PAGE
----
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Texting While Driving: Worse Than Being Under The Influence

September 30, 2015

How do cell phones cause accidents?

They’re distractions! It only takes 5 seconds at 55 miles per hour to cover a football field and too much can happen in that small amount of time. Each day in the U.S. an average of 9 people are killed and 1,153 are injured due to a distracted driver.

Distractions fall into three categories: visual – eyes off the road, manual – hands off the wheel, and cognitive – mind off driving. Many activities can distract a driver, but with the advent of cell phones the number of associated accidents has gone through the roof.

Here are some of the cell phone activities that distract a driver and the additional likelihood of an accident:

  1. Talking – 1.3 times more likely to have an accident
  2. Reaching for the device – 1.4 times more likely
  3. Dialing – 2.8 times more likely
  4. Texting – 23 times more likely

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How does cell use affect drivers?

A study by the University of Utah claims reaction time of a teen on a phone call is equivalent to that of a 70 year old driver without a phone.

A Virginia Tech Transportation Institute reports texting while driving is 6 times more likely to result in a crash than driving under the influence.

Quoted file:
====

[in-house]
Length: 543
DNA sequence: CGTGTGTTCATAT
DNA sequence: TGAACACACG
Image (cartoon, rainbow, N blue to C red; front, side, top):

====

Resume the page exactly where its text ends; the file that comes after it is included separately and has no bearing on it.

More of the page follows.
What are the odds of being on the road with a cell phone user?

According to the US Department of Transportation: 1.6 million accidents a year are cell phone related, causing ½ million injuries and costing 6,000 lives.

82 % of Americans age 16-17 own cell phones.

52 % of teens say they talk on phone while driving.

34 % of teens admit to texting while driving.

77% of young adults are “confident” they are safe texting while driving.

55 % claim it’s “easy” to text and drive.

Despite these claims, teens who text while driving spend 10 % of the time on the road drifting out of their lane.

It’s not just teen drivers!

Don’t think it’s just teens with a problem. Adults do it, too! 69% of US drivers surveyed aged 18-64 had talked on the phone while driving in the previous 30 days.

Don’t think it won’t happen to you. A family member of one of our staff was hit by a texting driver just this month. Luckily, she’s doing fine – but at 65 mph, it could have turned out very differently.

Hang up and drive!

As always, thanks for reading.

—E. A. Cooke

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